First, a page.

SMITH: Gods, I hope so. I feel it worth noting that Black people, and other people of color, have always been disproportionately affected by anti trans violence. While anyone can be subject to anti-trans violence, regardless of how one identifies, it is key to note that the vast majority of anti-transgender murders are Black trans women. The first two cases I chronicled as part of Remembering Our Dead were trans women of color, and the majority this year is as well. You simply cannot look at anti-trans violence in a bubble, without looking at other oppressive forces at play. 

 

Do I hope things will turn around? Best way I think I can put it is that I have to. If I don’t try to keep hoping, then what is the alternative? I feel like that would only lead to despair.

 

Yet I cannot look at where our society is right now and worry. This year far out paced last year, and 2020 outpaced 2019. The number of anti-trans violence deaths has skyrocketed. 

 

On top of that, much of the media is portraying transgender people as the threat, not our killers. We even saw a recent BBC article that paints trans women as all seeking to rape lesbian women. You also have politicians seeking to make transgender people their latest cause célèbre, attempting to pass law after law against our participation in society at large.

 

Oh, yes, and you have comedians like Dave Chappelle targeting trans identities, and getting paid millions to do so. 

 

Now, I’m not saying that Chappelle himself is out there murdering trans people. But he is part of a culture that is getting harder for trans people — again, predominately trans women of color — to survive within. We are, quite simply, under threat. 

 

#BOOM: Is there anything you can point to, specifically, for this year's spike? 

 

SMITH: So much of the political forces in this country are so busy looking for groups to hate — and here we are. That we also allow for so much hatred at Black people and other people of color, as well as loads of trans misogyny, just seems to sweeten the pot for our detractors. 

 

#BOOM: What's the message TDOR sends to young trans and nonbinary folks? And are you confident they're listening?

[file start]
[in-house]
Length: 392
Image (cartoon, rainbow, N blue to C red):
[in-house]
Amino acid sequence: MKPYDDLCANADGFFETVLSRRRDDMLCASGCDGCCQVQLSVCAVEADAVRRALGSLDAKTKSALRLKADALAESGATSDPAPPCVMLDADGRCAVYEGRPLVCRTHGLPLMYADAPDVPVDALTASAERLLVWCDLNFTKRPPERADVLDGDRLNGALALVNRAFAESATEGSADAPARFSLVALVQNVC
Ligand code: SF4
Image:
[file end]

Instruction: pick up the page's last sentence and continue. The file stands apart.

SMITH: I hope they will, but I’m not sure. I worry that the day has been co-opted under Trans Awareness Week, and the importance of remembering those we’ve lost might once again be forgotten —and I know that a memorial is a lot harder to focus on. Perhaps it would have been better to see those as separate entities, for the good of both. 

 

#BOOM: As a journalist, how do you deal with the stress, dysphoria and hate we cover that can sometimes hit too close to home? 

 

SMITH: That is a tough question. Sometimes you don’t. I know several years ago, as I covered the Gwen Araujo murder trial, it was extremely hard to balance my work as a journalist and my own feelings. It did not help that I shared the same first name, that she grew up in a community similar to the one I did or how close I became with Gwen’s family over the course of the trial. 

 

I do try to have outside interests to focus on, too, and try to keep myself balanced when I can. I do a lot of work in virtual worlds and other pursuits, and I have both a spouse and a feline I can come home to at the end of the day. Yet, it is still very hard. 

 

#BOOM: Are you happy?

 TransOpEdwindow

SMITH: Now that is an interesting question. In my personal and professional life, by and large I am. Am I happy with my own journey as a transgender woman? Yes. That was just the right move overall for me. Are there still things I wish to conquer? Absolutely.

 

That said, do I still wake up in the night with night terrors over some of the activism I have done? I do. This isn’t easy work, and it can sit very heavily on one’s soul. I’m not the same person I once was. 

 

#BOOM: I always ask this question at the end of every interview: Is there anything I didn't ask you were expecting me to ask? Anything you want readers to know that I didn't ask you about? Anything you'd like to add? 

 

SMITH: Oh, I already knew you weren’t going to ask me the same questions I always hear from the non-trans press about TDOR, which tends to focus way too much on personal identity and not enough on the issues surrounding anti-transgender violence! 

 

I think the only thing I would want to add is this. When you attend a Transgender Day of Remembrance, honor those we have lose. Say their names. Feel their loss. At the same time, let their passing fuel every other day of the year. Fight back. Be strong. Survive. Be resilient. Organize. Create a world that is better.

 

Or, as Mother Jones put it, “pray for the dead and fight like hell for the living!”

 

This interview was lightly edited to tighten some quotes and for space.

 

Gwendolyn Ann Smith is the subject of a biography: Trans / Active, and her column, Transmissions, appears in the Bay Area Reporter.

 

Dawn Ennis (she/her/hers) is an award-winning journalist for Forbes.com, The Daily Beast, Senior Executive,CTVoice Magazine and StarTrek.com. She is also the sports editor for the Los Angeles Blade, an on-aircorrespondent for “CTVoiceOut Loud” on WTNH-TV and hosts the “RiseUP With Dawn Ennis” talk show.In 2013, Ennis was the first transgender journalist in the U.S. to come out in network TV news.

 

*Trans Day Of Remembrance St. Charles, Mo. Event 11/20

Starting at 4 pm, 1(815 Booneslick Rd, St. Charles, 63301), organized by PFLAG Greater St. Louis. Outdoor event, under/around the gazebo behind the building.

 

*Trans Day Of Remembrance St.. Louis, Mo. Event 11/20

Starting at 5:30 p.m. gather at MTUG HQ (3133 Oregon Ave.) Then at 6:15 p.m. walk as a group from HQ to MTUG's Trans Memorial Garden (2800 Wyoming). Vigil will take place at the garden and will start at 6:30 p.m.